The SHAKER HEIGHTS RAPID TRANSIT, built by the VAN SWERINGEN brothers, provided a convenient transportation link from the residential properties they were developing in the suburb to the downtown commercial center. The Shaker Rapid, originally the Cleveland Interurban Railroad, began service on 11 April 1920 with 2 branches, Moreland (later Van Aken) Blvd. and Shaker Blvd. With tracks located on the Shaker and Moreland median strips, the rail rapid transit had a traffic-free right-of-way from its eastern termini to SHAKER SQUARE. From Shaker Square to E. 93rd St., tracks were laid in a cut blasted from solid rock. Westward from there to E. 34th St., they entered KINGSBURY RUN leading to the steam railroads' corridor. At E. 34th St., the rapid cars were forced to climb from their private right-of-way and follow public streets to their loop at PUBLIC SQUARE. When the final leg of their traffic-free route was completed in July 1930, the cars continued on private right-of-way to a station in the newly completed CLEVELAND UNION TERMINAL. The Shaker Rapid, engineered to keep its cars segregated from traffic, delivered quick and dependable transit service. In 1929 the Moreland line was extended eastward from Lynnfield (its original terminus) to Warrensville Center Rd. In 1937 the Shaker line was extended from Warrensville Center Rd. to a new loop at Green Rd.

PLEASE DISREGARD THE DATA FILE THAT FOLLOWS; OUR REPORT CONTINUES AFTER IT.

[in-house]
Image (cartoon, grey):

Following the collapse of the Van Sweringens' financial empire, the Shaker Rapid was placed into receivership in 1935; the banks operated the system for 9 years and then sold it to the city of Shaker Hts. Municipal operation began on 6 Sept. 1944. On 5 Sept. 1975, the lines were transferred to the GREATER CLEVELAND REGIONAL TRANSIT AUTHORITY, who reimbursed SHAKER HTS. approx. $95,600 for various costs incurred by the city. In 1980 the Authority began an 18-month, $100 million renovation of the system, upgrading it to contemporary light rail standards. Service on the renamed Blue (Van Aken) and Green (Shaker) lines was inaugurated on 30 Oct. 1981.